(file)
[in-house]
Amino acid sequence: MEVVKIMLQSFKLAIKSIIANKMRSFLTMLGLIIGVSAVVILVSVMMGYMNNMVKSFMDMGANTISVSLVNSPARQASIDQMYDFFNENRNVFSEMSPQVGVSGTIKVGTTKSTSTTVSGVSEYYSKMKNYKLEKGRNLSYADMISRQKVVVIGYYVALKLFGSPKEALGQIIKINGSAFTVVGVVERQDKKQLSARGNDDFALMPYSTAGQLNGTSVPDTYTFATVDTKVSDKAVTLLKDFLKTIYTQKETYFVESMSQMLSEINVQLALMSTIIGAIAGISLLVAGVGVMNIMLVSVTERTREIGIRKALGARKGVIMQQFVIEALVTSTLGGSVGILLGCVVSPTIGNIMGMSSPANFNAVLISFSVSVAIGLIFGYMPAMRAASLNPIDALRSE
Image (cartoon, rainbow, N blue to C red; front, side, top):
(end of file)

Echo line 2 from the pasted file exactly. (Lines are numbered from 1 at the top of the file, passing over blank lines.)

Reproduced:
Amino acid sequence: MEVVKIMLQSFKLAIKSIIANKMRSFLTMLGLIIGVSAVVILVSVMMGYMNNMVKSFMDMGANTISVSLVNSPARQASIDQMYDFFNENRNVFSEMSPQVGVSGTIKVGTTKSTSTTVSGVSEYYSKMKNYKLEKGRNLSYADMISRQKVVVIGYYVALKLFGSPKEALGQIIKINGSAFTVVGVVERQDKKQLSARGNDDFALMPYSTAGQLNGTSVPDTYTFATVDTKVSDKAVTLLKDFLKTIYTQKETYFVESMSQMLSEINVQLALMSTIIGAIAGISLLVAGVGVMNIMLVSVTERTREIGIRKALGARKGVIMQQFVIEALVTSTLGGSVGILLGCVVSPTIGNIMGMSSPANFNAVLISFSVSVAIGLIFGYMPAMRAASLNPIDALRSE